Saturday, 20 August 2011

Earthworms are the farmers new weapon against climate change threat

The results of a major 4-year catchment-scale research project in Leicestershire that was supported by Heritage Lottery Funding has revealed that 40 per cent of farmers involved in the study now recognise the signs of climate change and are ready to respond.
Dr Chris Stoate, Head of Research at the GWCT’s Allerton Project farm, explains, “Our research shows that farmers can make a huge difference in helping to mitigate the effects of climate change. When fields are not ploughed the soil condition is improved naturally by the tunnelling of earthworms, which absorb water at a rate of four to ten times that of fields without worm tunnels. This in turn helps the soil to take up water during storms and retain it during drought. It also helped to buffer our stream from flooding during heavy rain.”

The study, which was carried out by researchers from the Game & Wildlife Conservation Trust, on its research farm at Loddington and in the surrounding catchment, is developing techniques that can mitigate the effects of both drought conditions and flooding that have an impact on the wider public as well as farmers themselves.

One of the key recommendations for farmers is to cut back on traditional ploughing in favour of minimum tillage in order to harness the natural army of eco-friendly microbes and earthworms that inhabit the soil. This improves the capacity of the soil to take up water during storms and retain it during drought.

The study, which involved the whole stream catchment surrounding the GWCT’s Allerton Project farm, also discovered other impacts that climate change could have on farming and wildlife as well as on a household level. It even suggested that it might mean taking on board some approaches from the past. The study revealed, for example, the way in which we all take clean water for granted and that potentially the concept of a ‘water footprint’ could be used positively to make consumers more aware of their demand on water resources.

Dr Stoate explains, “In the 1930s each person used about 15 litres of water per day. Today, we each use about 150 litres of water per day. Each litre of water consumed amounts to about 55kg of CO2 per person over the course of the year. Large additional amounts of water are used to produce food and other goods in this country and abroad, and the concept of a water footprint as a basis for a labelling system, was met positively by people living in the catchment that were involved in our study. This was mainly as it raised awareness about water consumption and the threat that this posed.”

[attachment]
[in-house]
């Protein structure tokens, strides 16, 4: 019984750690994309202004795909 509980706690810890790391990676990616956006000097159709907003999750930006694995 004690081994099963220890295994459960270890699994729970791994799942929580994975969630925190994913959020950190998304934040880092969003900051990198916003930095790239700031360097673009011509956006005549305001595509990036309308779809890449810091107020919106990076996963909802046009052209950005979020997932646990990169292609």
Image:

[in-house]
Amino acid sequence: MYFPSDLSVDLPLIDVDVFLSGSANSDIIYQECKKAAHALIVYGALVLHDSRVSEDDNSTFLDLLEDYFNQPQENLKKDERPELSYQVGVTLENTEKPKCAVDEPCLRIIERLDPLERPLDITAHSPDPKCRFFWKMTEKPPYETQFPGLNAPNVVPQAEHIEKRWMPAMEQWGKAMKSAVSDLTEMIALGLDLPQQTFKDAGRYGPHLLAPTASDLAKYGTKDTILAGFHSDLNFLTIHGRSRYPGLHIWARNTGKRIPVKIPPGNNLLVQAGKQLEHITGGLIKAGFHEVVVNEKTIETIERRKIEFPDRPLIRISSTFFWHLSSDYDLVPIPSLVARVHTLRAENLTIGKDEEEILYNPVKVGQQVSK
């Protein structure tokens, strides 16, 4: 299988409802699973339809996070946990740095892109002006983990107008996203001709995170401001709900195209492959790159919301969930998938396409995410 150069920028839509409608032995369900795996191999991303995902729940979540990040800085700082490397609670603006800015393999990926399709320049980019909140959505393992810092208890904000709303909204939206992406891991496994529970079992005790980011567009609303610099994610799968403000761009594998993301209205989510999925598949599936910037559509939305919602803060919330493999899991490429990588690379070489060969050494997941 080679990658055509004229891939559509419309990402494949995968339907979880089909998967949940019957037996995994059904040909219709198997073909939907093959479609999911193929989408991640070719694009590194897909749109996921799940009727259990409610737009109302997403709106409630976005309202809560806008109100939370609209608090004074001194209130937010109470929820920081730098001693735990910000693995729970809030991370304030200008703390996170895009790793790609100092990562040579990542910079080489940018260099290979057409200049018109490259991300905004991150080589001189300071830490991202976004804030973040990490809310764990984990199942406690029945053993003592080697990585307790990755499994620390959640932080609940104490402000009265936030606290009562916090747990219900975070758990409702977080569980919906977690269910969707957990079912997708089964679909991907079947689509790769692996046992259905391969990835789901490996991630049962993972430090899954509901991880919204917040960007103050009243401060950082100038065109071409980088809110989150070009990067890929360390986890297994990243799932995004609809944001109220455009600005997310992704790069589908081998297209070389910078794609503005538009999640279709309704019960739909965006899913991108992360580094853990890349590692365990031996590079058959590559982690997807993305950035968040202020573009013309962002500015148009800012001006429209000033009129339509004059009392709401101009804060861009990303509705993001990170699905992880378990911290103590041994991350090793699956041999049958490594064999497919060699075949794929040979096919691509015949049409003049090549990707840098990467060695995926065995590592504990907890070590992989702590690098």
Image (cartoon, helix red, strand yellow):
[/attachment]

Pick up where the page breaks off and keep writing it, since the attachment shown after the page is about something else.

Government farming Minister, Jim Paice, MP, in a personal tribute to this study said, “The Defra Business Plan recognises that the environment is the natural foundation on which our society and economy are built and that our long-term prosperity, economic success and quality of life are enhanced by our environment. As this study highlights, if we use and manage our natural assets in a sustainable way they will continue to meet not only our needs such as for energy, sustenance, fresh water and fertile soils, but the needs of future generation.”

A recently published book arising from the study titled Exploring a Productive Landscape, describes this wide ranging research project that has involved the GWCT’s wildlife-friendly research farm as well as the local catchment community. The research underlines the huge demands that are now being made on our countryside to provide food, water and fuel in the light of a growing population as well as the increasing threat posed by climate change and the depletion of our natural resources. It also highlights much of the significant research that has been carried out by the Trust on the farm over the past 20 years in an effort to boost wildlife populations while increasing crop yields. It offers positive solutions to many of the threats and challenges that we face over the coming years.

The full results of this fascinating study are available through the Game & Wildlife Conservation Trust for £10.00 at www.gwct.org.uk/eyebrookbook. Proceeds will be used to continue to develop this catchment community project.

http://www.gwct.org.uk/about_us/news/3270.asp

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